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UK politician thinks China is one of the most innovative places
Liam Byrne believes China is set to be at the center of a new Age of the Enlightenment over the next 20 years.
The ex-British cabinet minister and author of a new book, Turning to Face The East: How Britain Can Prosper in the Asian Century, says the former Middle Kingdom is entering an exciting new dawn.
"If Adam Smith (a leading Enlightenment figure) was writing The Wealth of Nations today he would base it on Foxconn City (where Apple and products for other tech giants are manufactured) in Shenzhen because of its pace of production and world-class innovation," he says.
"I think China is one of the most innovative places on Earth right now. Many people believe that China will produce the next Silicon Valley."
Byrne, who was appointed earlier this month as shadow minister for higher education, was speaking in the lobby of Portcullis House in Westminster. He was hitting back at those such as Will Hutton, who argued in The Writing on the Wall: China and the West in the 21st Century, that China lacked the institutions to have its own Enlightenment period that defined Europe's progress in the 18th century.
Byrne actually had a drink with the former editor of The Observer newspaper when he bumped into him in a bar at Oslo airport, which he refers to in his book.
"I think it's a much overrated problem (lack of institutions). I think the Chinese leaders have been very adroit at making the right adjustments at the right time," he says.
Byrne was chief secretary to the Treasury in former prime minister Gordon Brown's Labour government and famously left a memo to his successor saying he was "afraid there is no money" left.
He decided to write the book because of a growing realization that China could be a vital market for the UK in the wake of the financial crisis just as a resurgent Europe proved after the end of World War II.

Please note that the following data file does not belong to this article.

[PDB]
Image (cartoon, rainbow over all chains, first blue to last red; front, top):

"My starting point was trying to answer the question of how Britain was going to pave its way in a world where China was the largest economy.
"I also felt that China is hugely misunderstood in Europe, in general - in Britain, in particular. As someone who has traveled a little to China now and has worked with Chinese politicians for six or seven years, I wanted to share what I had learnt."
Byrne makes the case that while countries such as Germany through companies such as Siemens have been successful exporting to China as it has developed its infrastructure, the next phase of the country's growth could benefit Britain.
"China needs to build a social safety net. China needs to become a world leading science power and China needs to diversify a lot of its foreign exchange away from US Treasury bills. Britain can help with an awful lot of that. We are past masters of soft infrastructure such as legal systems, asset management and we could help China build that social safety net."
He makes the case Britain has been left in Germany's trail in its dealings with China for more than a decade.
Byrne, who took a first in politics and economics at Manchester University, where he was also a student leader, first encountered China when he worked at Hong Kong Telecom for Andersen Consulting (now Accenture) in the early 1990s.
Then in 2006 as a minister of state in the Home Office, he visited China dealing with issues around asylum seekers and organized crime.
"Coming back (from that trip) I realized that as a British politician I knew nothing about this country that was soon going to become the biggest economy on Earth," he says.
The book, which provides impressive analysis on China for which he acknowledges help from some of Britain's leading China experts, including the UK foreign office's China team, is evidence he has since redressed that knowledge deficit.